Even compared to the similarly shaped Lightyear One .19 cD, the EQXX’s traction is on another level – and most impressively, it was achieved with no need for a rear compartment cover like other low-drag vehicle designs such as the LightYear, GM EV1 or Volkswagen XL1 in photo below; All with a drag coefficient of .19.

Other popular low-drag cars are the Tesla Model S Plaid with a score of .21 and Mercedes’ own EQS with a score of .20.

One way to overcome drag was to build ducts for “air curtains” that encase the front wheels, then send that air through the side of the vehicle with additional ducts behind the front wheels. On the hood there are two additional channels that take air from lockable intakes at the front of the car and spit it over the top of the car after using the air to control the temperature.

Interestingly enough, high-density silicon anode batteries do not require active cooling, instead relying on a long, smooth underbody as a heat sink. This not only saves energy in cooling and pumping fluids, but also weight.

Interestingly, Mercedes went with traditional side mirrors rather than cameras, noting that the side mirrors were the most slippery ever. A side effect of this is a small mirror surface, which is combined with a solar panel covering where the rear window would have provided a dimmer rear view.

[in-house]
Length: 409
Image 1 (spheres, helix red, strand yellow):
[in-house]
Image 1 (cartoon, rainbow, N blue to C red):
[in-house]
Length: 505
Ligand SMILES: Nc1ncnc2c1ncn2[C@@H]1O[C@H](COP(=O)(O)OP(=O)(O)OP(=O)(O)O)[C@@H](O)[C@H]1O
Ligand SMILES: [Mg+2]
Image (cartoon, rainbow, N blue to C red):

Low rolling resistance EQXX

Air intake accounts for about two-thirds of a vehicle’s overall energy use – and increases with speed – but it’s not the only factor. Rolling resistance caused by tires facing the road and mechanical friction inside a vehicle can account for up to 20% of the force needed to propel the vehicle. Mercedes engineers gave EQXX ultra-thin tires to work around some of this and spent a lot of time making sure that friction could be eliminated on every moving part. Small tires will have some effect on handling, especially on slippery surfaces.

EQXX High Voltage – Thinner Wires, Less Resistance, Less Weight